Statement Purpose

The intrinsic statement tells the compiler what functions are intrinsic so that they can be passed as arguments to different program units.

Rules and Examples

The intrinsic and external statements were introduced into FORTRAN to give the programmers the flexibility to pass functions and subroutines as arguments in an argument list to other program units. The intrinsic statement is used whenever the procedure to be passed is an intrinsic function or intrinsic subroutine while the external statement is used if the procedure to be passed is one written by the programmer. A program unit will identify a given dummy argument as function or subroutine either by the context of its use, or because you include the dummy argument name in and EXTERNAL statement. Since the intrinsic statement is a non-executable statement, it needs to appear at the beginning of a program before the executable statements begin. However, it must come after certain other non-executable statements such as program, implicit and use. For instance, look at how it is used in the following block of code.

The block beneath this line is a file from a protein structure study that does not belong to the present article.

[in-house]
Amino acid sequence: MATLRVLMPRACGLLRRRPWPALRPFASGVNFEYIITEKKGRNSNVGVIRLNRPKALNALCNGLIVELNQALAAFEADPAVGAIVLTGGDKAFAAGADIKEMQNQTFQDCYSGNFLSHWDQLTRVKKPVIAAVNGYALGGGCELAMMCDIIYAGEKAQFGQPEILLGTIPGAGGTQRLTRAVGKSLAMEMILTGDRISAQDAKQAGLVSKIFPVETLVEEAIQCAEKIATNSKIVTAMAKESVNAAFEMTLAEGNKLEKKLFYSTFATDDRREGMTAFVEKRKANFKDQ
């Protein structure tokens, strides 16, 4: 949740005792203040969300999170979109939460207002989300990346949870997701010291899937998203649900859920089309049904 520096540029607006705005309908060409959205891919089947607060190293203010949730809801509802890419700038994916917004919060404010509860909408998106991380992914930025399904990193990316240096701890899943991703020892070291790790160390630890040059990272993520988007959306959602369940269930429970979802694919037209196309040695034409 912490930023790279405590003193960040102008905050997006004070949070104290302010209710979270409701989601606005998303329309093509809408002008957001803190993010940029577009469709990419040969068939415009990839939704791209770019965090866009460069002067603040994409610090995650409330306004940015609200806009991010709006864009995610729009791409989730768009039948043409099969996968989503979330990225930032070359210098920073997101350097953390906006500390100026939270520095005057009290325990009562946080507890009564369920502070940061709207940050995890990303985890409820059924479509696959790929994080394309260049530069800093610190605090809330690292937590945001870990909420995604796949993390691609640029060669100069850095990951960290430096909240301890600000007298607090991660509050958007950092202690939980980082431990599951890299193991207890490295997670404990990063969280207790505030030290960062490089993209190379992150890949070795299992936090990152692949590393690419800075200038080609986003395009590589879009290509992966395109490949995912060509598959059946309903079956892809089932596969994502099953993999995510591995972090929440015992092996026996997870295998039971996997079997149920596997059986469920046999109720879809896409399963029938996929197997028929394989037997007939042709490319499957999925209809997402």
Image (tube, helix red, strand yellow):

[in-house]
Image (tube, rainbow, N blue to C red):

program example
		use global_data
		implicit none
		real x,y,z
		integer i,j
		intrinsic sin

		function x(trigfunc,g)
		external trigfunc
		x = trigfunc(g)
From that example you should be able to get an idea of how and where to use the intrinsic statement. There is one other thing that you should be made aware of in the above example. Notice that in the function x, sin is declared to be external even though it is an intrinsic procedure. The reason for this is that in FORTRAN the called procedure ( in this case the function x ) doesn't care whether the dummy argument is an intrinsic or user defined function, and might be called in the same program with both intrinsic and user defined subprogram names as arguments. Both are accessed in the same way by the subprogram, and FORTRAN syntax requires that only the EXTERNAL statement be used when declaring a dummy argument to be a subprogram name..

For more information and examples see

lecture twenty nine

example: plot2.f

Up one level / Home

Written by Jason Wehr : and Maintained by John Mahaffy :